Experts to inspect attack site in Syria
The international chemical weapons watchdog said Tuesday it was sending a fact-finding mission to the Syrian town where a suspected chemical gas attack took place over the weekend, following a request from the Syrian government and its Russian backers that appeared to be aimed at averting punitive Western military action.
It was not immediately clear whether the announcement would delay or prevent a U.S. strike in Syria. President Donald Trump has vowed to respond “forcefully” to Saturday’s attack on civilians in the town of Douma, hours before rebels agreed to surrender it, and warned that Russia – or any other nation found to share responsibility – will “pay a price.”
In a statement, the Organization for the Prohibition of Chemical Weapons said a fact-finding mission was “preparing to deploy to Syria shortly,” though it did not give a more precise timetable on when the inspectors would arrive.
Trump on Tuesday cancelled plans to travel to South America later this week, choosing to stay in the United States to manage the response to the events in Syria. The White House said he later spoke with British Prime Minister Theresa May, and the two “agreed not to allow the use of chemical weapons to continue.”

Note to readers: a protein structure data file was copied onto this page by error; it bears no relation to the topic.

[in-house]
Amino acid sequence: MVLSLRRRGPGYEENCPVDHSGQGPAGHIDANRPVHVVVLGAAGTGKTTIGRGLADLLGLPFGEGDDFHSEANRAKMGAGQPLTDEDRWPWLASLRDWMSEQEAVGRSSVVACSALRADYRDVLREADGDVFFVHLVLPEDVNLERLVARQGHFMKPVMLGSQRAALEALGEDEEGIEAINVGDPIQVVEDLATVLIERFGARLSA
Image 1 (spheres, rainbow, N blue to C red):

Keith Lepak, a Youngstown State University associate professor of politics and international relations, said international conflicts such as the situation in Syria generally cause problems for students in the region – including some from Kuwait or Jordan.
“They have delayed returns,” he said.
But if the U.S. pulls out of the Middle East, Lepak said Syrian President Bashar al-Assad will gain the upper hand.
“[Assad] is being supported both by Iran and Russia,” he said. “The problem with the American president is that we have steadily reduced our presence [in the Middle East] and the people that we relied on to take on ISIS people are the Kurds, and they are now in a fight with Turkish forces.
“Turkey has entered northern Syria and does not want to allow them independence. Trump said we are going to get out [of Syria], and I think that’s an indication, again, that Turkey is going to get its way with the Kurds. Is it a good idea to pull out is anybody’s guess. To do so, I think, is an error. ... Not to have anybody there is not a good idea.”
Lepak added that to pull troops out of Syria would be “letting the Kurds hang out to dry.”
“ISIS – for the most part – seems to have been taken apart, but to say they are inactive is part of the problem,” he said. “They just disappear into desert locations and reappear. ... It’s like chasing Jell-O around on a wall.”